JCPenny recently announced plans to close down 40 stores by April and many landlords are preparing to profit off of the vacant space left by the big box retailer. These closings represent 4 percent of the department store’s total U.S. footprint. The announcement has presented many landlords with the opportunity to boost profits through redevelopment of the once occupied space.
CBL & Associates Properties, who will see four JCPenny locations within its portfolio close down, fully anticipated the announcement and has already begun preparing plans for the redevelopment of the vacant space left by the retailer. The company believes they can generate higher traffic and productivity by adding new stores and restaurants where the JCPenny stores once were. This is familiar territory for CBL, as they added or redeveloped more than 25 anchor and junior anchors to its portfolio in 2014, two of which being former JCPenny locations. "These closures will allow us to take space that is underperforming and convert it into fresh new retail, driving increased traffic, sales and growth to the entire property as well as generating strong returns,” said Stephen Lebovitz, President and CEO of CBL. Similar projects taken on by CBL have required an investment of $3-$10 million, generating initial unleveraged returns of 7-10 percent and taking 1-2 years to complete.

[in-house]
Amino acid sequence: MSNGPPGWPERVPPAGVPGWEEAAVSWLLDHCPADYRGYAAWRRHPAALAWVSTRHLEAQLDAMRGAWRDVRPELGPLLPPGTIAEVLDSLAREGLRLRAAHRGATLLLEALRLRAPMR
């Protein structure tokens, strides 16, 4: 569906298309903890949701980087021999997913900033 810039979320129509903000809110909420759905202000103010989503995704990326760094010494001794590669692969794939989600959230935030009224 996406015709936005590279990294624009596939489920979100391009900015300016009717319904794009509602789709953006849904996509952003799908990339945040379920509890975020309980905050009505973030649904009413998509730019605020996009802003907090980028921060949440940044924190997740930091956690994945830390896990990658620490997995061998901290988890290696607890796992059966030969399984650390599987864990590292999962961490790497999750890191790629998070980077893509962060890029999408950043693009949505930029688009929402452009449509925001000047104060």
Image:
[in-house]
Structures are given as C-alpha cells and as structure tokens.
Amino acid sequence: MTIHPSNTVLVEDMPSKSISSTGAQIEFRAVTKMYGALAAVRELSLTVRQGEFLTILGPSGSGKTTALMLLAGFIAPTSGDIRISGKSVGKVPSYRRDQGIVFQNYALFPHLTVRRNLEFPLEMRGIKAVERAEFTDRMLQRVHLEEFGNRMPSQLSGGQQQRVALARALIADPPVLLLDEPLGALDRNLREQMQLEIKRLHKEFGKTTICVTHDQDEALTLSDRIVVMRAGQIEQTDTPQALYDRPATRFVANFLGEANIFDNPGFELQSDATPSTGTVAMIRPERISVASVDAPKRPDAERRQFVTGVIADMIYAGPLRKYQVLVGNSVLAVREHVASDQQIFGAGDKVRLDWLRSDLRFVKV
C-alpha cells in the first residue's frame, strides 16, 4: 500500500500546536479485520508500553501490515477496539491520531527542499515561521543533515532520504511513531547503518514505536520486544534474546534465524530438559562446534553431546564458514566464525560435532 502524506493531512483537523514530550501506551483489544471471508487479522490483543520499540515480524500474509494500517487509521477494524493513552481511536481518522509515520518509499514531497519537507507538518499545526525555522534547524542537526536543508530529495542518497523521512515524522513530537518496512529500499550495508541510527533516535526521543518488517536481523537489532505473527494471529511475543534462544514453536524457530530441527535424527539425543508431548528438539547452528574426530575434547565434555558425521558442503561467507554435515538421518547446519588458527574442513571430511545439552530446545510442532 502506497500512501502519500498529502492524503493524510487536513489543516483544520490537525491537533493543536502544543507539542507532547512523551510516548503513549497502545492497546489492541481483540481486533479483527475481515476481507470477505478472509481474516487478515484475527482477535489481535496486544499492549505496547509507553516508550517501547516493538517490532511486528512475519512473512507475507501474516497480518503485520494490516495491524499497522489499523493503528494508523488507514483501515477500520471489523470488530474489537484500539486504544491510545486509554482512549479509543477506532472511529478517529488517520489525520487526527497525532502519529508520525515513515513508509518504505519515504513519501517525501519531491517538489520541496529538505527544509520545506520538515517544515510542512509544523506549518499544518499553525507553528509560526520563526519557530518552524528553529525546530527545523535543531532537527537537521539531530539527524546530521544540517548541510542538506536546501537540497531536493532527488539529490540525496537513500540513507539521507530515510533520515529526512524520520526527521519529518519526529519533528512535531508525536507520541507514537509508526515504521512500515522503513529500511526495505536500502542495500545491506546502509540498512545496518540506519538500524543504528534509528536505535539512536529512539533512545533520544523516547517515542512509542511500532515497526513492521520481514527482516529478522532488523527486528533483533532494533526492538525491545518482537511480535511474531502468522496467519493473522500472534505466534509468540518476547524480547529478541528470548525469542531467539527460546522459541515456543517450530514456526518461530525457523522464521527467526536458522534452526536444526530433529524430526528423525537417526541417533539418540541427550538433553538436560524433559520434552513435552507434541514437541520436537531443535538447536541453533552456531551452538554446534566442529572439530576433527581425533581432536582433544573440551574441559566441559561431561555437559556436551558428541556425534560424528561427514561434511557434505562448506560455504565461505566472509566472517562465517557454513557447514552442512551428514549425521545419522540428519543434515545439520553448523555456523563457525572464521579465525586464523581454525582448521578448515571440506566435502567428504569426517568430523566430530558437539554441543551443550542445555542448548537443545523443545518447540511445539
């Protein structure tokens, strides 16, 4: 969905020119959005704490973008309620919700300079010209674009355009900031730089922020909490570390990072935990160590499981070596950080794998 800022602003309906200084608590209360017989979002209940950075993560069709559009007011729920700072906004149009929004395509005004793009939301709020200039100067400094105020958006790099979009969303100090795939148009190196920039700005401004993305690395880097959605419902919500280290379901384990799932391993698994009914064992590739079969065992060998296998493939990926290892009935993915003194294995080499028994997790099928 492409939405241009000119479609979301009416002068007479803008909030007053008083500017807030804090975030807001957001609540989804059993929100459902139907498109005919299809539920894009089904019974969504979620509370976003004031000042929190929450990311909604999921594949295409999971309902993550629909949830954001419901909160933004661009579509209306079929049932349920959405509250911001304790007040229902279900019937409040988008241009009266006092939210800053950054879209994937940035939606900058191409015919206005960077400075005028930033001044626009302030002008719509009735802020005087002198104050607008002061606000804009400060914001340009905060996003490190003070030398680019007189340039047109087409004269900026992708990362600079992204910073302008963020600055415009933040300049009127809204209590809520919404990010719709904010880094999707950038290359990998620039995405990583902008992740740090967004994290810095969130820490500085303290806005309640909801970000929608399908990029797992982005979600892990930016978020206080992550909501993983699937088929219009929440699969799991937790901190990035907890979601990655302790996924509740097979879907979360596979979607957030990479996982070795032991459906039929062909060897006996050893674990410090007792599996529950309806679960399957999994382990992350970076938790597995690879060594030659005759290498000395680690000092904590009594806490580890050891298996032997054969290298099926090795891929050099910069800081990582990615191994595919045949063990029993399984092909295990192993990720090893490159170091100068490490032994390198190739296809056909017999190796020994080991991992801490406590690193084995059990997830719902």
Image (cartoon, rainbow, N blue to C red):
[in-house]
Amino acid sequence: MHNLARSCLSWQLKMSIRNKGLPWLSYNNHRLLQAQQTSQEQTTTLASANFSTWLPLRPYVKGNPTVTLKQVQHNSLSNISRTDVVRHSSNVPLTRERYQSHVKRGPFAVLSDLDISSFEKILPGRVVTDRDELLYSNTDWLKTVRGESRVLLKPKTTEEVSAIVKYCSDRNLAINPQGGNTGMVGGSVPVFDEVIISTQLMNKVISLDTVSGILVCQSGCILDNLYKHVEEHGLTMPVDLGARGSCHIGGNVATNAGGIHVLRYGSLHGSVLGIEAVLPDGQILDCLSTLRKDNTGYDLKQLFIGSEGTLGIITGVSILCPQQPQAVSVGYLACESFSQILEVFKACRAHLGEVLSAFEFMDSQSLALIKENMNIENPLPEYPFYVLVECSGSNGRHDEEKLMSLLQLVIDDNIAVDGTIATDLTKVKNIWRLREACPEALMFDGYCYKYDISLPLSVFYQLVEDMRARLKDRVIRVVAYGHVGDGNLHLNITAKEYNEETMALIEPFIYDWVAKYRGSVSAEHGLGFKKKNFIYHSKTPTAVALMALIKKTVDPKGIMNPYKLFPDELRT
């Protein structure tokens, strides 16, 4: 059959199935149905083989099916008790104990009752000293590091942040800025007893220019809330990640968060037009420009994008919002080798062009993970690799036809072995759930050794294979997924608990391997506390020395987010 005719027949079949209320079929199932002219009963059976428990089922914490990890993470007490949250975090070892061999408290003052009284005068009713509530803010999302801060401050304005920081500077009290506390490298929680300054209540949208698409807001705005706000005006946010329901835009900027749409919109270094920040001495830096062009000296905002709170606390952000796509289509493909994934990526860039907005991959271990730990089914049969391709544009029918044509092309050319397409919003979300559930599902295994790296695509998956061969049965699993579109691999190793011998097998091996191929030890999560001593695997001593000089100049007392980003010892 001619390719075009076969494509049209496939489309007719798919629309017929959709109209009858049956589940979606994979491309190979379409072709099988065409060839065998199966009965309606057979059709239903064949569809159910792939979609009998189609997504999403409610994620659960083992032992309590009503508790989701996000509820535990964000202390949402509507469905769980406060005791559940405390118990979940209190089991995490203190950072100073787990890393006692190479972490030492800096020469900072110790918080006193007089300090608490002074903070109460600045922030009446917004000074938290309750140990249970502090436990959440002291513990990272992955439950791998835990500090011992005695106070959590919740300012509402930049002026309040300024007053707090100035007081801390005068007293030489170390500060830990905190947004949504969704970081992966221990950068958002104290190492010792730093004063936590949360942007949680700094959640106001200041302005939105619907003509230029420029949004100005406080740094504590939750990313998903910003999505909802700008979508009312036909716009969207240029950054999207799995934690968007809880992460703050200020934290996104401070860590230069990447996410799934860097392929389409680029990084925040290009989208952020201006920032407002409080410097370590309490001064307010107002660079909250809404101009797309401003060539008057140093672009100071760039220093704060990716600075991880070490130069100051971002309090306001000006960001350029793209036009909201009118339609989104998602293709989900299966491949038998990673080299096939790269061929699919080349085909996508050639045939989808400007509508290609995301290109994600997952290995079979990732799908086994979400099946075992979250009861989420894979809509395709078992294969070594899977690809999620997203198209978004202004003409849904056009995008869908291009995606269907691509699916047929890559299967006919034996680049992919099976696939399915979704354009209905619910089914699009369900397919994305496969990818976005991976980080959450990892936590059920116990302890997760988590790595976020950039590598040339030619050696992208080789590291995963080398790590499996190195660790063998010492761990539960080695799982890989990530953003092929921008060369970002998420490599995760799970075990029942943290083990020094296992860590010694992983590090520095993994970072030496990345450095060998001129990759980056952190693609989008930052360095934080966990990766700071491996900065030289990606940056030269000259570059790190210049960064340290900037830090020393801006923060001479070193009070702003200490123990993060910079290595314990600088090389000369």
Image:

However, don’t take the store closings as a sign of doom for JCPenny. According to CEO Myron E. Ullman III, the department store saw a healthier-than-expected holiday sales season. The retailer is hoping for continued healthy growth, expected to report fourth-quarter comparable-store sales of 2-4 percent.